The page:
A new look

“I will be performing some maintenance on the web server and the forums . . . . Apologies for any inconvenience,” Philip Newborough said yesterday before begging our pardon, regarding the fact that the site and server could be down for a little while.

Yet when it came back today, CrunchBang now has a new, and very much improved, web presence on its new site. There is a lot more information available about CrunchBang right off the bat, and the forums — arguably the best in the wider Linux world — are a lot cleaner and easier to read.

In a few words: I. Love. It.

To be sure, the new site takes a little getting used to, and the navigating to the forums — what was once an almost autopilot move — took a little looking at first (big hint: Click on the Community button in the upper right). Also, want to find something? Yes, the search field in the upper right is gone, but just click on the magnifying glass in the upper right, and you’re ready to find what you’re looking for.

It seems that Corenominal has “lightened up” — that is, the background is no longer #000000 and, to paraphrase one person who posted on the forums, “grey is the new black.” While there might be some loss in contrast, it still looks very clean.

All of all, the changes are not that radical. For those who are not that jazzed about change, these changes in the site are easily adaptable because they’re somewhat intuitive. In addition, the panels of information one can read using the arrow keys on either side of the panels is very informative.

The only drawback for me — and it’s a personal one — is that now I have to try to match the background of this blog to the background of the forums. But never mind — CrunchBang is moving up in the FOSS world, and the new site is one sign that it’s moving in the right direction.

This blog, and all other blogs by Larry the Free Software Guy, Larry the CrunchBang Guy and Larry Cafiero, are licensed under the Creative Commons Attribution-NonCommercial-NoDerivs CC BY-NC-ND license. In short, this license allows others to download this work and share it with others as long as they credit me as the author, but others can’t change it in any way or use it commercially.

Larry Cafiero is one of the founders of the Lindependence Project and has just started developing software at Redwood Digital Research (RDR), a consultancy that provides FOSS solutions in the small business and home office environment. RDR is based in Felton, California, USA.

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Back to the future

Unbeknown to my daughter Mimi — and being the Ubuntu user that she is, sadly I don’t think she reads what her Dad writes in this blog (and if she does, well, consider the surprise spoiled) — she’s about to inherit yet another of Dad’s hand-me-down computers.

First things first: I currently use a ZaReason Alto 3880 laptop, which is a remarkable machine that, sadly, ZaReason doesn’t make anymore — time and improvements march on, and ZaReason has advanced this laptop series to the current Alto 4330.

My daughter, though, has been using for the past few years my old ThinkPad R40, a very sturdy, utilitaran and well-traveled laptop judging by all the stickers on the cover.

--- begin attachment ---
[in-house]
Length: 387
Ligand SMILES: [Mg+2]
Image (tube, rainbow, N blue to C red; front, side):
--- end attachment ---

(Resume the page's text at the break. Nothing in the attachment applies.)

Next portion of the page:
Enter a new development: Steam and Valve are ramping up gaming in Linux, and the old R40 — great for her artwork and creating 8-bit music, which takes up most of her digital life — has, well, performance issues when it comes to the higher horsepower needed for games. Her interest in games goes beyond playing them, and with this in mind, I’d like for her to have the better hardware when pitching in on the projects she wants to explore.

Personally, I blame Gabe Newell for Mimi wanting newer hardware, but never mind. Also, for those of you keeping score at home, shelling out for a new ZaReason laptop is out of the question until, at least, Christmas (especially after last week’s $600 car repair which we will not discuss. Ever).

So after saving a ThinkPad T42 from recycling doom recently, I’ve put Waldorf on it — the CrunchBang-11-20121015-i686 version, which works flawlessly (with one caveat, mentioned below) — and I’ll hand down the ZaReason to Mimi.

Now, you go girl.

In the past in other blogs, I’ve said that I am a ThinkPad guy and I have always loved the form factor. That hasn’t changed, and though I’m turning over the keys to the sports car to my daughter and relegating myself to the station wagon, I feel at home with almost any model of ThinkPad.

So back to the hardware I love while looking to the future.

One more thing: There have been installation issues in the past with Waldorf — and, for some reason, it seems to be happening mostly (if not solely) on ThinkPads — where the installation will hang at the “detect disks” point. It came up again yesterday with this current install, and while there’s an extensive discussion involving solutions here, my solution was more simple and straightforward: Disable floppy in the BIOS.

This blog, and all other blogs by Larry the Free Software Guy, Larry the CrunchBang Guy and Larry Cafiero, are licensed under the Creative Commons Attribution-NonCommercial-NoDerivs CC BY-NC-ND license. In short, this license allows others to download this work and share it with others as long as they credit me as the author, but others can’t change it in any way or use it commercially.

Larry Cafiero is one of the founders of the Lindependence Project and has just started developing software at Redwood Digital Research (RDR), a consultancy that provides FOSS solutions in the small business and home office environment. RDR is based in Felton, California, USA.

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